To initiate a wire or ACH transfer, instruct your firm's bank to contact Bank of America and provide your bank with the following information:

      Wire ABA Number: 026009593
      ACH ABA Number: 054001204
      Beneficiary: FINRA
      FINRA Account: 226005684771
      Reference Number: Firm CRD number

      Inform your bank to credit funds to the FINRA bank account and to only use your firm's CRD number as a reference. Record the confirmation number of the wire transfer provided by your bank.

      If you send your wire transfer by 2 p.m., ET, your firm may confirm receipt the next business day by reviewing your Flex-Funding Account online or calling the FINRA Gateway Call Center at (301) 869-6699. Wire payments received after 2 p.m., ET, should be available in two business days. Please note that while wire transfers are received by FINRA on the same day they are initiated, ACH bank transfers typically take several days longer to be received by FINRA.

      Checks

      Checks should be made payable to FINRA and your firm's CRD number should be written on the check memo line. Processing of check payments may take up to two business days. Please account for mail delivery and payment processing time when sending payment. Write the address on an envelope exactly as noted in this Notice:

      U.S. Mail Overnight or Express Delivery
      FINRA
      P.O. Box 418911
      Boston, MA 02241-8911

      Note: This P.O. Box will not accept courier or overnight deliveries.
      Bank of America Lockbox Services
      FINRA 418911
      MA5-527-02-07
      2 Morrissey Blvd.
      Dorchester, MA 02125

      Provide the following phone number, if required:(800) 376-2703

      Renewal Reports

      Renewal reports include all individual registrations renewed for 2018; however, they do not include registrations that were "pending approval" or "deficient" at year-end. Firms should examine their reports carefully to ensure that all registration approvals are correct. FINRA also suggests that firms include these reports in firms' permanent records.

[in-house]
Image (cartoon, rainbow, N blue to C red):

•   Firm Renewal Report—lists individuals included in the Renewal Program and includes billing codes (if the firm provided them).
      •   Branches Renewal Report—lists each branch registered with FINRA and/or with any other regulator that renews branches through Web CRD/IARD and for which the firm is being assessed a fee.
      •   Approved AG Reg Without FINRA Approval Report—contains all individuals who are not registered with FINRA, but are registered with one or more jurisdictions. Firms should request this report as soon as possible to determine if they need to request any FINRA registrations or terminate jurisdiction registrations.

      Discrepancies

      If your firm believes there are discrepancies on your Final Statement, report them in writing directly to FINRA by January 22, 2018. Along with your letter describing the discrepancy, please include a copy of your Final Statement and any supporting documentation to:

      FINRA
      Registration & Disclosure—Regulatory Services & Operations
      9509 Key West Avenue
      Rockville, MD 20850

      If you have questions regarding renewal discrepancies, please call FINRA at (240) 386-4182.